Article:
employed in often sophisticated mixtures, rather than as individual plants. Peruvian curanderos appear to employ very specific guidelines in the preparation of these cocktails, and seem to have a clear understanding of disease concepts when they diagnose a patient, which in turn leads them to often apply specific mixtures for specific conditions. There seems to be a widespread exchange of knowledge about mixtures for treatment of bodily diseases, while mixtures for spiritual, nervous system and psychosomatic disorders appear to be more closely guarded by the individual healers.”

Important note: The information on my blog is not intended as a substitute for medical professional help or advice but is to be used only as an aid in understanding current medical knowledge. A physician should always be consulted for any health problem or medical condition.

Snakebit in Brazil – A Village’s Beliefs and Practices about “Offensive Snakes”

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Fita DS, Costa Neto EM, Schiavetti A. ‘Offensive’ snakes: cultural beliefs and practices related to snakebites in a Brazilian rural settlement. J Ethnobiol Ethnomed. 2010 Mar 26;6:13. PubMed PMID: 20346120; PubMed Central PMCID: PMC2853519 [free full text]

Investigators at Universidade Estadual de Feira de Santana undertook fieldwork in a Brazilian rural settlement in 2006, totaling 53 days of living in the village and a followup stay of 15 days in 2007. They recorded a total of 23 types of ‘snakes’, based on their local names. Four of them, belonging to the family Viperidae were considered the most dangerous to humans, and causing more aversion and fear in the population.

From the conclusion:

“Ethnozoological information on the injuries caused by snakes and other potentially dangerous animals must be available to the community as didactic-scientific texts, written in a clear language and accompanied by illustrations. It is understood that the ethnozoological knowledge, customs and popular practices of the Serra da Jibóia inhabitants result in a valuable cultural resource which should be considered in every discussion regarding public health, sanitation and practices of traditional medicine, as well as in faunistic studies and conservation strategies for local biological diversity.”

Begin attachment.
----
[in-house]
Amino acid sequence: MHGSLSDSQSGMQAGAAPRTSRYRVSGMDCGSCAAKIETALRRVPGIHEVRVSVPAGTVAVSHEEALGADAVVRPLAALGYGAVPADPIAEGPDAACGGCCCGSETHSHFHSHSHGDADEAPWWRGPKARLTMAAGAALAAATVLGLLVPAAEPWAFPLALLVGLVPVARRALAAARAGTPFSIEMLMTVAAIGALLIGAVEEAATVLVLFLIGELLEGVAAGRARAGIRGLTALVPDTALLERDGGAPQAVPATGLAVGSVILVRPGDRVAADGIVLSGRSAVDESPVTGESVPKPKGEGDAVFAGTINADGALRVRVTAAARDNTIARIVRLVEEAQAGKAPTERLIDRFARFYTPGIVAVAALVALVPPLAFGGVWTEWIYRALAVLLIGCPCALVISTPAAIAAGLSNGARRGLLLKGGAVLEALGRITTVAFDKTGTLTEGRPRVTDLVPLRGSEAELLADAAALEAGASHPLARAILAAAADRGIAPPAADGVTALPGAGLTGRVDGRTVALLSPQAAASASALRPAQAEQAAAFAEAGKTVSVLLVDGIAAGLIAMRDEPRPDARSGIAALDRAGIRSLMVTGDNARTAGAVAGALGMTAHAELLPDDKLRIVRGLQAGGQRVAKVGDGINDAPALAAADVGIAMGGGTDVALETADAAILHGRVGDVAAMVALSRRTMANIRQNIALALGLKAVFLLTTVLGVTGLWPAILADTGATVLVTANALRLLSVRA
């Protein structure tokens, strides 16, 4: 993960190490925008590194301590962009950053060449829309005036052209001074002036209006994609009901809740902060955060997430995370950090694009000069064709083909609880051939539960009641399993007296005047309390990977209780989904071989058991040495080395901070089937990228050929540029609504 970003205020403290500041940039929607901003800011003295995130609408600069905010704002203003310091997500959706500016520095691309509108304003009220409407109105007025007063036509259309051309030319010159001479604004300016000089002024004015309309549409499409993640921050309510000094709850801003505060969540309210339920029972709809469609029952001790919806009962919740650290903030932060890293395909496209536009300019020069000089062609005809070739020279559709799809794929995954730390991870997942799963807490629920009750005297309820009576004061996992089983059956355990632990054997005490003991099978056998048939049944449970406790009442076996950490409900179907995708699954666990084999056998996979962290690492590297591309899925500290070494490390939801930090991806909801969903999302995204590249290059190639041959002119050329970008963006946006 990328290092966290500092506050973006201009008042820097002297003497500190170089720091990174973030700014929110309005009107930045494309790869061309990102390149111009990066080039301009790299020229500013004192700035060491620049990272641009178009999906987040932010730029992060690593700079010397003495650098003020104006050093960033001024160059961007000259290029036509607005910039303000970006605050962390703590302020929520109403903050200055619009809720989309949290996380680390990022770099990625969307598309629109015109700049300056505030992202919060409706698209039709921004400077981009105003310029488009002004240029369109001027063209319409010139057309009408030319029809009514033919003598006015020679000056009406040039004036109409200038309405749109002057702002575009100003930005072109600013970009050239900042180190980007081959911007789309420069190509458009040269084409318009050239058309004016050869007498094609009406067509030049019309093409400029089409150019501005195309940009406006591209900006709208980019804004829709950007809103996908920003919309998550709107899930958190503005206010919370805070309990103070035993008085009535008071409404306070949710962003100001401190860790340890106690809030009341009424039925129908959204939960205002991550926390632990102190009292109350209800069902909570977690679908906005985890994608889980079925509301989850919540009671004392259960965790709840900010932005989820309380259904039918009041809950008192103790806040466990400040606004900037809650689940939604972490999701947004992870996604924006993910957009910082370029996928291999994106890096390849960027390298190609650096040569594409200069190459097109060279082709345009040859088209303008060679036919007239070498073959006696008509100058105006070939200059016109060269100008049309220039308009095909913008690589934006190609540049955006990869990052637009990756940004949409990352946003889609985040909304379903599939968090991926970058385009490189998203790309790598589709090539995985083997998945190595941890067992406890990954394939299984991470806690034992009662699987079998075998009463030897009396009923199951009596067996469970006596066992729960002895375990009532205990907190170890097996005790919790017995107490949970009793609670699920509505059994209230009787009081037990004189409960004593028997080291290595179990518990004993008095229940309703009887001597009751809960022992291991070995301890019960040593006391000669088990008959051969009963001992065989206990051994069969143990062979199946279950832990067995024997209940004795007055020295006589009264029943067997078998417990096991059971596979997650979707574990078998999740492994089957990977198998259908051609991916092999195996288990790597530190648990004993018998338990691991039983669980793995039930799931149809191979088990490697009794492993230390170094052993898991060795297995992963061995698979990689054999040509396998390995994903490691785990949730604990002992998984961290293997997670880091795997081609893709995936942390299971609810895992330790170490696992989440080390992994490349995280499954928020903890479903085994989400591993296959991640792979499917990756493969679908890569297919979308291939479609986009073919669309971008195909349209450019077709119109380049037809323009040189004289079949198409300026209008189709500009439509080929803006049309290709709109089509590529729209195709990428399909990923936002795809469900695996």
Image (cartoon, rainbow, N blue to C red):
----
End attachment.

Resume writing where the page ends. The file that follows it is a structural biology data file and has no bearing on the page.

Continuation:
Important note: The information on my blog is not intended as a substitute for medical professional help or advice but is to be used only as an aid in understanding current medical knowledge. A physician should always be consulted for any health problem or medical condition.

Breast Cancer as an Infectious Disease?

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Lawson JS, Glenn WK, Whitaker NJ. Breast cancer as an infectious disease. Womens Health (Lond Engl). 2010 Jan;6(1):5-8. PubMed PMID: 20088725 [free full text]

Researchers at the University of New South Wales review evidence for a role of human papillomavirus (HPV) in the etiology of at least some forms of breast cancer, complemented by their laboratory work to identify HPV sequences from breast tumors.

Identifying low viral load as a possible explanation for failure to detect HPV in previous studies of breast tumors, the authors employed repeated PCR analyses using SYBR Green for greater sensitivity, and were able to detect HPV in nearly half the tumors tested.

From the conclusion:

“When considered in the context of previously published evidence related to HPV and breast cancer, these recent findings strongly suggest a causal role for HPVs in some breast cancers. However, we must wait for the development of further evidence before this relationship can be stated definitively.

“The immediate importance of this work is that it brings with it the possibility, for the first time, that primary preventative measures for some breast cancers are likely to be immediately available. This is because the high-risk HPV types that we and many others have identified in breast tumors (principally HPV types 16 and 18) are the same types for which the new HPV vaccines are most effective. These vaccines are already available and are being used on a worldwide basis.”

Important note: The information on my blog is not intended as a substitute for medical professional help or advice but is to be used only as an aid in understanding current medical knowledge. A physician should always be consulted for any health problem or medical condition.